Some lawmakers in Louisiana, for example, pushed for quick changes to help with revenue issues, while Arkansas is taking a more deliberative approach, Drenkard said. He cautioned against states rushing choices that could place an undue burden on businesses.

“If there was ever a state that was not prepared for the Wayfair decision to come down, Louisiana was certainly that state,” Drenkard said.

Having sensible rules means more companies will follow them voluntarily, Drenkard said. It’s in a state’s best interest to follow the criteria Kennedy laid out in his opinion, he said.

Generally, states that model their remote seller statutes after South Dakota’s should be in the clear, Brian Galle, a professor at Georgetown University Law Center, told attendees. That law includes a collection obligation only above a certain threshold, no retroactive liability, and compliance with the Streamlined Sales and Use Tax Agreement.

That doesn’t mean South Dakota’s model is the only option, Galle said. But the opinion only gives hints about what states can do.

Imposing retroactive taxes, for example, could raise issues unless the statute is very narrow, Galle said. Retroactive collection could result in double taxation, he said, because retailers don’t know if customers have already reported use taxes to their states.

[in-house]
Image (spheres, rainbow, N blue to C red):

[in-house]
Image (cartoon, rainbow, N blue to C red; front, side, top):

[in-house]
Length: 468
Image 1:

Steve Kranz, a partner at McDermott Will & Emery LLP in Washington, said states should consider protecting against retroactivity and should emphasize that the rules also apply to foreign sellers. He also recommended implementing voluntary agreements with businesses to start collecting taxes.

Implementation Takes Time

Even states prepared to collect taxes from remote sellers could face delays. In Wyoming, implementation “is not going to happen overnight,” said Dan Noble, director of the Wyoming Department of Revenue. The state has two pending lawsuits regarding the legislation, including one with Wayfair.

“We’ve got to get past this issue of litigation first,” Noble told Bloomberg Tax.

The main concern—physical presence—was decided by the Supreme Court. But the question is whether companies will raise the burden issue as a secondary claim, Noble said.